The Virtual Dressage Trainer Will See You Now

SEE, I TOLD YOU YOU WEREN’T ON THE BIT! With video, instant replay, and other cutting-edge technologies infiltrating the dressage arena, training feedback is available like never before Illustration by

Learn how an Internet connection and a bit of tech savvy are transforming dressage education

By Patti Schofler

Reprinted from April 2015 USDF Connection

Andrea Caudill lives in Amarillo, tX, the heart of cutting- and reining-horse country. She is a one-way five-hour trailer ride from the nearest dressage instructor. And yet she has earned her USDF bronze and silver medals aboard her former reining Quarter horse, Haidaseeker Playboy, and is hoping to train “Matt” to Grand Prix.

Has Caudill achieved these accomplishments solo? Hardly. Although she got through training and First levels more or less on her own, as she faced the challenges of Second level, “I didn’t know how I would do that without instruction,” she says. “And I couldn’t afford to drive for five hours and pay for an expensive lesson or two and drive home.”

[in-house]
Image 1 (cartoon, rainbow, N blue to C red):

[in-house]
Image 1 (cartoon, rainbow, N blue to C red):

Caudill’s solution: dressage lessons via Skype, a free internet-based telecommunications program. With help from the right devices and a solid internet connection (and a helpful husband to serve as videographer), Caudill gets real-time instruction from a trainer in another state.

Many USDF members are in Caudill’s situation—lacking convenient access to quality instruction. So we decided to find out how you, too, can put technology to work in the name of dressage education. In this article, we’ll explain Caudill’s video-training setup. We’ll also explore other avenues available to those who’d like to bring dressage education to their own computers or mobile devices.

The System
Caudill’s husband, James Emmert, helped her brainstorm the video-training system. Here are the components:

  • Laptop computer running the latest version of Skype (, set to “video call.” There are Skype versions for windows and Mac oS X as well as a full complement of Skype apps for mobile devices, including Android and iPhone. (Caudill and Emmert experimented with using a tablet and a smartphone instead of a laptop, but the lack of zoom capability and an inability to mount the smartphone caused them to nix these devices.)